Stem Cell Biology and Developmental Immunology
- Mechanism of formation of mesenchymal precursor cells constituting the microenvironment (niche) that maintains stem cells
- How hematopoietic stem cells and immunocompetent cells are maintained and regulated by the niche
- Involvement of the hematopoietic stem cell niche in blood, immunity, bone and metabolic diseases including leukemia
Pioneering research on the microenvironment (niche) that maintains and regulates hematopoietic stem cells, immune cells, and leukemic stem cells
In living tissues, a large number of cells are lost every day, while a small number of tissue resident stem cells are maintained, providing a steady supply of new cells. Tissue resident stem cells have the ability to produce various mature cells of the corresponding tissue (pluripotency) and the ability to replicate themselves over a lifetime (self replication ability). They are responsible for the maintenance of tissues as well as their regeneration following injury or disease.
Tissue resident stem cells are also important cells in the context of cancer as they can accumulate mutations and become the founding cells for tumors. Tissue stem cells are maintained by a localized special microenvironment called the niche, whose cell number and differentiation are tightly regulated. Our group identified tissue stem cells that can produce all types of blood cells and immune cells in the bone marrow, termed CXCL12-abundant reticular cells (CAR cells), which constitute a niche of hematopoietic stem cells (HSCs) [Sugiyama et al., Immunity, 2006; Omatsu et al., 2010, Immunity; Omatsu et al., Nature, 2014]. CAR cells are mesenchymal precursor cells that can differentiate into osteoblasts and adipocytes, and are a treasure trove of functional molecules that regulate hematopoiesis.
Our research deals not only with basic medical questions in the fields of immunology, hematology and stem cell biology, but is also focusing and working on questions regarding clinical medicine, including the establishment and analysis of artificial niches for regenerative medicine, the elucidation of the pathology of hematopoietic tumors and inflammatory diseases, as well as the establishment of niche-based novel therapeutic approaches.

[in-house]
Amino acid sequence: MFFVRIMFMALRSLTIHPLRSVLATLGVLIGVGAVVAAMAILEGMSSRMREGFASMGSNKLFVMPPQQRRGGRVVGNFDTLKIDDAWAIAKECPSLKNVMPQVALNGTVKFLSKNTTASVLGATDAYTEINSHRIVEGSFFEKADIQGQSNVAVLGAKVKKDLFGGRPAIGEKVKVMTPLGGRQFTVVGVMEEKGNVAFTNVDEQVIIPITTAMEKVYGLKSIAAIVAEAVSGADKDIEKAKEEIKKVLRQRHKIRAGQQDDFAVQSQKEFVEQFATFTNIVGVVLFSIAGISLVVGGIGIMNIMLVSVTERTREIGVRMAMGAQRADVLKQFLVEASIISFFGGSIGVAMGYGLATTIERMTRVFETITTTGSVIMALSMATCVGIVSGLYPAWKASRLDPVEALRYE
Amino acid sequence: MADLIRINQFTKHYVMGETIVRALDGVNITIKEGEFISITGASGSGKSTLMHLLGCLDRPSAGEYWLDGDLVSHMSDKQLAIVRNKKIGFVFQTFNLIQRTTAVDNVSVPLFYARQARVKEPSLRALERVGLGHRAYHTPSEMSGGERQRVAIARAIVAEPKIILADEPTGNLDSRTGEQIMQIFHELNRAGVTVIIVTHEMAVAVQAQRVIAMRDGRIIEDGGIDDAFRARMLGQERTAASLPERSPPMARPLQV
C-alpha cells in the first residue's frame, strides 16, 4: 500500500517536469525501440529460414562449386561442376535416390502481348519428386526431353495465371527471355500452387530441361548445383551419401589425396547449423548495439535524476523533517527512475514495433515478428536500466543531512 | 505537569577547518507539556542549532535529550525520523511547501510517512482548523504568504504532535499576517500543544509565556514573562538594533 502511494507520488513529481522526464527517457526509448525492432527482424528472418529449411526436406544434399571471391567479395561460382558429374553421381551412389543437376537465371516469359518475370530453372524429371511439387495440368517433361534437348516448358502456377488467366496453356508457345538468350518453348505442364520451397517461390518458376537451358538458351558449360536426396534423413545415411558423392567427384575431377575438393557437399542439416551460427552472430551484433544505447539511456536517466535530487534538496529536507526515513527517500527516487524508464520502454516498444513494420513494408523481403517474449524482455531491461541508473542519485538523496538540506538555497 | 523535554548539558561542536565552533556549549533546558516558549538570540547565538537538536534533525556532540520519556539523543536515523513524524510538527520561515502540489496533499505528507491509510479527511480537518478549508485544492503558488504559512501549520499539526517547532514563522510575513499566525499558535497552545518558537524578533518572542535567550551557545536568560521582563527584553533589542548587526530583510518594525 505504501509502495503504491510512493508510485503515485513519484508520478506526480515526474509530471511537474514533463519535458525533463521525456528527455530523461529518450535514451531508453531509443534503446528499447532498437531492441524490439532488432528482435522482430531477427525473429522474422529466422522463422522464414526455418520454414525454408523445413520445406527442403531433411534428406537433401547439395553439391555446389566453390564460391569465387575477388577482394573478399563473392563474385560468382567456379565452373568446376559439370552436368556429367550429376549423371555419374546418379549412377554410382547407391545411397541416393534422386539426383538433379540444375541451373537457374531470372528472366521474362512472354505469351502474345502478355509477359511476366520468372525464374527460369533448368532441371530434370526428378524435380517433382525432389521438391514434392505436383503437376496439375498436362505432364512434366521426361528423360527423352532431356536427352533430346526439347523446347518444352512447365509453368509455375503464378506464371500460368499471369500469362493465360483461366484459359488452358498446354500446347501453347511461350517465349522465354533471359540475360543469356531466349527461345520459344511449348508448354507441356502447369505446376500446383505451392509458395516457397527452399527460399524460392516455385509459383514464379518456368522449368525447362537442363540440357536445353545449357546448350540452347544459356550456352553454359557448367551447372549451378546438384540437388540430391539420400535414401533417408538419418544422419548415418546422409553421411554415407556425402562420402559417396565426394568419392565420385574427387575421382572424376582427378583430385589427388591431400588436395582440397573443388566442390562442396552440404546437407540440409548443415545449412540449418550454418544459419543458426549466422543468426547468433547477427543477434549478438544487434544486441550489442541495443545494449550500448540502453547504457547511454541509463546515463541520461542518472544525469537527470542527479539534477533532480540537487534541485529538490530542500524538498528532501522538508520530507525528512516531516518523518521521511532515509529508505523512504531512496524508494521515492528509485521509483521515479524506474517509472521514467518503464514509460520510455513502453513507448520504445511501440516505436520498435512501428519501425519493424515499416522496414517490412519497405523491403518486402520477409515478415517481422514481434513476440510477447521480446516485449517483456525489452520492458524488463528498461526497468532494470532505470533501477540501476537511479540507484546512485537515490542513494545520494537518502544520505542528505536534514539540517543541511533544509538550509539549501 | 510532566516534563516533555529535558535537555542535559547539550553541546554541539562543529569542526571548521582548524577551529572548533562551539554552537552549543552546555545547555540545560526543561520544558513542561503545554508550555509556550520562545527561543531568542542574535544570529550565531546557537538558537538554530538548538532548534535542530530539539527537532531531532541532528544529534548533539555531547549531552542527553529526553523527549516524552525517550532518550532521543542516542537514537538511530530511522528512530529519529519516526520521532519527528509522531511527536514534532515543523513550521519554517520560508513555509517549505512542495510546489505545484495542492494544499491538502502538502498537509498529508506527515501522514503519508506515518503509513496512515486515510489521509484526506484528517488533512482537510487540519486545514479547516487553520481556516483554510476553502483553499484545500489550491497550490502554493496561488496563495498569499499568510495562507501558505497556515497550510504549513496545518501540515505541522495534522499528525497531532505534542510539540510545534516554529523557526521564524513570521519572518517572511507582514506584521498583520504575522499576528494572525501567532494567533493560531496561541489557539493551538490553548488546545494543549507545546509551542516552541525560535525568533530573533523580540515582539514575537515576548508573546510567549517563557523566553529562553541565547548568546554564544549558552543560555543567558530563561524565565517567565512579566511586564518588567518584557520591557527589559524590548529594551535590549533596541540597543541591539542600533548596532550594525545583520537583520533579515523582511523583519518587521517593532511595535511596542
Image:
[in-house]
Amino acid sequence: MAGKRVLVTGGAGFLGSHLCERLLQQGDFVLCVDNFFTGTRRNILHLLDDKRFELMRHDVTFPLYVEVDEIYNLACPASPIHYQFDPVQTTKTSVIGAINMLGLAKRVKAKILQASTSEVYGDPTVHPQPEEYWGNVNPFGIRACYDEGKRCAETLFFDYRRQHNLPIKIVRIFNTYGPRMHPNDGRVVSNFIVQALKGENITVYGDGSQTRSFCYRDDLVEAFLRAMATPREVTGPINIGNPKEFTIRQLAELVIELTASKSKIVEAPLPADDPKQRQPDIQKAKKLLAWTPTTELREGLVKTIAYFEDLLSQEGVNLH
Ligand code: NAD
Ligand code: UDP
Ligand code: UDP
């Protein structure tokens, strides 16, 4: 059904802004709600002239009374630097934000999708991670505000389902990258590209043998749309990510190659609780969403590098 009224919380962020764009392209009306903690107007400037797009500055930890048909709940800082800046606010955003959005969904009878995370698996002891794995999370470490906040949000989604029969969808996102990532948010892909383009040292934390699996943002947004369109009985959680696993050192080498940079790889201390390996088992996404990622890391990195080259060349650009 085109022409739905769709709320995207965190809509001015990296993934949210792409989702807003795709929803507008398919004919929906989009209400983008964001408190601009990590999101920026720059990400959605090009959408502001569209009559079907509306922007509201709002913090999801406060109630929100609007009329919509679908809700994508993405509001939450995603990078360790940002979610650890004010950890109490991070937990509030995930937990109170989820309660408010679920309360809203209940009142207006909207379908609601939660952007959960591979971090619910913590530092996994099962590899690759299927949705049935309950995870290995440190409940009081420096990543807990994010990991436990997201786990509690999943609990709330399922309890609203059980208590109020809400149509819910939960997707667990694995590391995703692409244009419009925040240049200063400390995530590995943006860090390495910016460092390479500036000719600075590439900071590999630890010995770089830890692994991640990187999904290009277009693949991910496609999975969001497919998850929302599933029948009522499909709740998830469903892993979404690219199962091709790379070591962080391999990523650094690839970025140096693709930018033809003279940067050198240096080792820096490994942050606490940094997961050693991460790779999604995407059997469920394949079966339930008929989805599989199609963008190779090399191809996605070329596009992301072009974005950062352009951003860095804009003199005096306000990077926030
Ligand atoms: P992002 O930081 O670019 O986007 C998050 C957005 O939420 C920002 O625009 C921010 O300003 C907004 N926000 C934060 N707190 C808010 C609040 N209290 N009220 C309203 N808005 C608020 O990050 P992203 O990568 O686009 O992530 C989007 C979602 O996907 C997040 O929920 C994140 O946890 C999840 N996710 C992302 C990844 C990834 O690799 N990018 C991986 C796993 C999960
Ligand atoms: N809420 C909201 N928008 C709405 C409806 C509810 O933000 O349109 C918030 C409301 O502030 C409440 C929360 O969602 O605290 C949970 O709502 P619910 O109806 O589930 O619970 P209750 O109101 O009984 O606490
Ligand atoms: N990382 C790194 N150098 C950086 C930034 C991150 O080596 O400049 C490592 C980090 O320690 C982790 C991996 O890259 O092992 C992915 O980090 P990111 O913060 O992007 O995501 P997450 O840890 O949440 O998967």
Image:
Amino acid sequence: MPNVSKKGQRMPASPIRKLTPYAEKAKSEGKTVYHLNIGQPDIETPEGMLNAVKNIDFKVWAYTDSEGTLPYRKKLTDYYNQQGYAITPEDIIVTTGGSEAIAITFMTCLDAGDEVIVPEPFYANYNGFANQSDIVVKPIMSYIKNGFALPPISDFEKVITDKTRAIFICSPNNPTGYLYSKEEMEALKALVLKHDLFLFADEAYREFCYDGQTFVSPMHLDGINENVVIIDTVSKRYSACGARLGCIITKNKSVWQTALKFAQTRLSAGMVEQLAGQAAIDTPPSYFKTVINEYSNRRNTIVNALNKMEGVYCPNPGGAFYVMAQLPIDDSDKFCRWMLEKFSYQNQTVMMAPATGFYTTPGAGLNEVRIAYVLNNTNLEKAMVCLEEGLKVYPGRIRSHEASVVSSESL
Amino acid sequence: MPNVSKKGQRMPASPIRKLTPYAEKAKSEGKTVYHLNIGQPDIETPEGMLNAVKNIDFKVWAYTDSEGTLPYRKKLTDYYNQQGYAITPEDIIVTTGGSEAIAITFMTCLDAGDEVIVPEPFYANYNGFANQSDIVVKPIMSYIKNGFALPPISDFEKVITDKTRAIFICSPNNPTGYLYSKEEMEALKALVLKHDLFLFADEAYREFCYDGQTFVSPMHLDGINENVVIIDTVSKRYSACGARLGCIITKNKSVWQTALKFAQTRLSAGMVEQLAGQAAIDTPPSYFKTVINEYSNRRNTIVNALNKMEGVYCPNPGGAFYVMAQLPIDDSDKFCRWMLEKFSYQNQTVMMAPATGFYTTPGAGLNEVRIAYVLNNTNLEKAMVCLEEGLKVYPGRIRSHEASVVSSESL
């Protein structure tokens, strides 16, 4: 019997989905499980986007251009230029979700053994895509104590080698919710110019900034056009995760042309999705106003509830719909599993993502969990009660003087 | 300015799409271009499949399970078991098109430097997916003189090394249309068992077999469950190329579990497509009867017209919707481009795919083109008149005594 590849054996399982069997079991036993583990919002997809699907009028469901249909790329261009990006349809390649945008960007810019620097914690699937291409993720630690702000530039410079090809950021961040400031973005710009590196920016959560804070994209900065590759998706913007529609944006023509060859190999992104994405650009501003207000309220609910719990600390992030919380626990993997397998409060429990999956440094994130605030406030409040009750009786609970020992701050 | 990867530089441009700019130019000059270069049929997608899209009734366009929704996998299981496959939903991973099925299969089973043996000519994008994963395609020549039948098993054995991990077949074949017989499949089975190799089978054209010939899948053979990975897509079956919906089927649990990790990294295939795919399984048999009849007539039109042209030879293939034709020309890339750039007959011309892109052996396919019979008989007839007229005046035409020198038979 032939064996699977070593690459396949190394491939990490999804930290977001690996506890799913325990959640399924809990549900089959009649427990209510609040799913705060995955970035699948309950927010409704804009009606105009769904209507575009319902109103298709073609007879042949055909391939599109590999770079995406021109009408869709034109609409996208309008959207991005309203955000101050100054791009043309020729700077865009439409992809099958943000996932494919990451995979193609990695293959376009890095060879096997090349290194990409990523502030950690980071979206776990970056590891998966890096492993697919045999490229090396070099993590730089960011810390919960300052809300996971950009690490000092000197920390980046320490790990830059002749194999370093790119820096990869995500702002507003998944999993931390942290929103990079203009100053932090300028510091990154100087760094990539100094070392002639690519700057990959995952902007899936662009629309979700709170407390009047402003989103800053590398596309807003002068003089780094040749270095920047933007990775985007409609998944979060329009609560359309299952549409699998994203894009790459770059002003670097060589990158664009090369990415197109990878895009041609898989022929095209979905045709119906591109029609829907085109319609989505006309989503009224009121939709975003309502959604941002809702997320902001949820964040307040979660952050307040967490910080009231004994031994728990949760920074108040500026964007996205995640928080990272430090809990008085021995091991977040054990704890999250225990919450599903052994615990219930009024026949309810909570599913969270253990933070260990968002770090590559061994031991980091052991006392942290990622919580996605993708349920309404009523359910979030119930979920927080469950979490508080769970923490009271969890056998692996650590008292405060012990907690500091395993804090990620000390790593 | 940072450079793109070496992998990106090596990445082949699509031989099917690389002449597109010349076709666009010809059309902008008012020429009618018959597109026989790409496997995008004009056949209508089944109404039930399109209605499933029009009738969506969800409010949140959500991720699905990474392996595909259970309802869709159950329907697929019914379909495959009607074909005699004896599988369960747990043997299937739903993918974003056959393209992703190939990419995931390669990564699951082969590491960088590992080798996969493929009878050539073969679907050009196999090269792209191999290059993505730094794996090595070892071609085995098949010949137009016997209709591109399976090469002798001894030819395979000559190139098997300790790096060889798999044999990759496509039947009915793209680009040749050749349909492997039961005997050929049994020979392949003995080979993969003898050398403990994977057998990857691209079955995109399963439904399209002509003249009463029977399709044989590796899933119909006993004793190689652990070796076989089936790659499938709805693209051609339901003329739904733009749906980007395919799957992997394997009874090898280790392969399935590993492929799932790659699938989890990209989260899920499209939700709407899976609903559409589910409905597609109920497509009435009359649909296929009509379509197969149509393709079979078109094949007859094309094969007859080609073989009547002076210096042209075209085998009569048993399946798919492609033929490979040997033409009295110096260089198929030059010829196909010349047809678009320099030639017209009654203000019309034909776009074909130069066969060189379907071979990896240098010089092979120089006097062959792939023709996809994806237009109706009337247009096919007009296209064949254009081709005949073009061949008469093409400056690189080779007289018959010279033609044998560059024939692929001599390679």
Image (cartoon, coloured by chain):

(1) Formation of mesenchymal precursor cells constituting the stem cell nicheThe chemokine family cytokine CXCL12 is essential for the maintenance of HSCs and the production of immune cells [Nagasawa et al., Nature, 1996; Tachibana et al., Nature, 1998]. CAR cells have long processes and express high levels of CXCL12 and SCF. We are especially interested in the unique properties of CAR cells and trying to answer how they are formed and how their differentiation is regulated. (see Figure 1)
(2) Maintenance and regulation of HSCs and immune cells by their corresponding nichesHSCs home to the bone marrow mediated by CXCL12 during the fetal stage. They are maintained as slow cycling cells and continue to produce blood cells. One question we are particularly interested in is how CAR cells regulate the proliferation and differentiation of HSCs using long cellular processes. We are also interested in the role of the niche regulating the supply of necessary immune cells for biological defense. (see Figure 2)
(3) Involvement of the hematopoietic stem cell niche in blood, immunity, bone and metabolic diseasesBone marrow is the target of various intractable diseases such as leukemia, myelodysplastic syndrome (MDS), aplastic anemia, cancer metastasis and infectious diseases. Because most of the ongoing research has focused on blood cells, we want to analyze the involvement of CAR cells in the pathogenesis of above mentioned diseases and aim for the development of novel promising therapeutic strategies targeting the niche. (see Figure 3)